What can you say about the values of n that make $7^n + 3^n$ a multiple of 10? Are there other pairs of integers between 1 and 10 which have similar properties?

Ask a friend to choose a number between 1 and 63. By identifying which of the six cards contains the number they are thinking of it is easy to tell them what the number is.

Have you seen this way of doing multiplication ?

A and B are two interlocking cogwheels having p teeth and q teeth respectively. One tooth on B is painted red. Find the values of p and q for which the red tooth on B contacts every gap on the. . . .

We can show that (x + 1)² = x² + 2x + 1 by considering the area of an (x + 1) by (x + 1) square. Show in a similar way that (x + 2)² = x² + 4x + 4

A collection of resources to support work on Factors and Multiples at Secondary level.

Start with any number of counters in any number of piles. 2 players take it in turns to remove any number of counters from a single pile. The winner is the player to take the last counter.

The number of plants in Mr McGregor's magic potting shed increases overnight. He'd like to put the same number of plants in each of his gardens, planting one garden each day. How can he do it?

Mr McGregor has a magic potting shed. Overnight, the number of plants in it doubles. He'd like to put the same number of plants in each of three gardens, planting one garden each day. Can he do it?

Arrange the four number cards on the grid, according to the rules, to make a diagonal, vertical or horizontal line.

This article gives you a few ideas for understanding the Got It! game and how you might find a winning strategy.

Show that for any triangle it is always possible to construct 3 touching circles with centres at the vertices. Is it possible to construct touching circles centred at the vertices of any polygon?

If you continue the pattern, can you predict what each of the following areas will be? Try to explain your prediction.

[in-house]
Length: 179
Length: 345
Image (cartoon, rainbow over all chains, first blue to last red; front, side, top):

The aim of the game is to slide the green square from the top right hand corner to the bottom left hand corner in the least number of moves.

Can you find a relationship between the number of dots on the circle and the number of steps that will ensure that all points are hit?

This resource contains interactive problems to support work on number sequences at Key Stage 4.

Here is a chance to play a version of the classic Countdown Game.

Work out how to light up the single light. What's the rule?

When number pyramids have a sequence on the bottom layer, some interesting patterns emerge...

Triangle numbers can be represented by a triangular array of squares. What do you notice about the sum of identical triangle numbers?

This is an interactivity in which you have to sort the steps in the completion of the square into the correct order to prove the formula for the solutions of quadratic equations.

Euler discussed whether or not it was possible to stroll around Koenigsberg crossing each of its seven bridges exactly once. Experiment with different numbers of islands and bridges.

What are the areas of these triangles? What do you notice? Can you generalise to other "families" of triangles?

To avoid losing think of another very well known game where the patterns of play are similar.

Prove Pythagoras' Theorem using enlargements and scale factors.

An environment that simulates a protractor carrying a right- angled triangle of unit hypotenuse.